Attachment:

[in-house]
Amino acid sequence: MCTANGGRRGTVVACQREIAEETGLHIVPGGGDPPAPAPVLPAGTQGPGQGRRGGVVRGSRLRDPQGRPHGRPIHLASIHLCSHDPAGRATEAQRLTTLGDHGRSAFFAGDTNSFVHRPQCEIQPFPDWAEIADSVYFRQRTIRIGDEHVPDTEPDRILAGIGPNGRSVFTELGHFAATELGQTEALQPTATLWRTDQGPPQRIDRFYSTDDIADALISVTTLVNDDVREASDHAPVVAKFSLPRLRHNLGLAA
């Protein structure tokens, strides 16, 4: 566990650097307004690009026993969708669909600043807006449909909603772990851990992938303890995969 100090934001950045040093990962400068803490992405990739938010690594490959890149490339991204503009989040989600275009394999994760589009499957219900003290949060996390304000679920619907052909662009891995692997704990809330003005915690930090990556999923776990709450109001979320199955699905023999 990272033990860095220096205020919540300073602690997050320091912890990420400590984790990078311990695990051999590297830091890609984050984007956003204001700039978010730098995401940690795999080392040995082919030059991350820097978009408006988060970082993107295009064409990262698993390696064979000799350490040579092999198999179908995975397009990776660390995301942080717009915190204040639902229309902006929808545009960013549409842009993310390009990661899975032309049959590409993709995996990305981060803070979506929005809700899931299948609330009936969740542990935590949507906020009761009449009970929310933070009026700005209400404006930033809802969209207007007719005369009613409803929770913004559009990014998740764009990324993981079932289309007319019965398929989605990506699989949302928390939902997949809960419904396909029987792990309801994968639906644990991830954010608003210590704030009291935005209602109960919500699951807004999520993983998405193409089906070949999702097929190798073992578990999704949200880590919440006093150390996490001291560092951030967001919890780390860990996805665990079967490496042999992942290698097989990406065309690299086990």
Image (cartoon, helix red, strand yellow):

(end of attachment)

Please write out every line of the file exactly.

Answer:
[in-house]
Amino acid sequence: MCTANGGRRGTVVACQREIAEETGLHIVPGGGDPPAPAPVLPAGTQGPGQGRRGGVVRGSRLRDPQGRPHGRPIHLASIHLCSHDPAGRATEAQRLTTLGDHGRSAFFAGDTNSFVHRPQCEIQPFPDWAEIADSVYFRQRTIRIGDEHVPDTEPDRILAGIGPNGRSVFTELGHFAATELGQTEALQPTATLWRTDQGPPQRIDRFYSTDDIADALISVTTLVNDDVREASDHAPVVAKFSLPRLRHNLGLAA
């Protein structure tokens, strides 16, 4: 566990650097307004690009026993969708669909600043807006449909909603772990851990992938303890995969 100090934001950045040093990962400068803490992405990739938010690594490959890149490339991204503009989040989600275009394999994760589009499957219900003290949060996390304000679920619907052909662009891995692997704990809330003005915690930090990556999923776990709450109001979320199955699905023999 990272033990860095220096205020919540300073602690997050320091912890990420400590984790990078311990695990051999590297830091890609984050984007956003204001700039978010730098995401940690795999080392040995082919030059991350820097978009408006988060970082993107295009064409990262698993390696064979000799350490040579092999198999179908995975397009990776660390995301942080717009915190204040639902229309902006929808545009960013549409842009993310390009990661899975032309049959590409993709995996990305981060803070979506929005809700899931299948609330009936969740542990935590949507906020009761009449009970929310933070009026700005209400404006930033809802969209207007007719005369009613409803929770913004559009990014998740764009990324993981079932289309007319019965398929989605990506699989949302928390939902997949809960419904396909029987792990309801994968639906644990991830954010608003210590704030009291935005209602109960919500699951807004999520993983998405193409089906070949999702097929190798073992578990999704949200880590919440006093150390996490001291560092951030967001919890780390860990996805665990079967490496042999992942290698097989990406065309690299086990």
Image (cartoon, helix red, strand yellow):